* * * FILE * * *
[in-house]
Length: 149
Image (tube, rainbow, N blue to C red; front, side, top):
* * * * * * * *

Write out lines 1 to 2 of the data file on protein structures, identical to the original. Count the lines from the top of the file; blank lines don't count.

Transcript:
[in-house]
Length: 149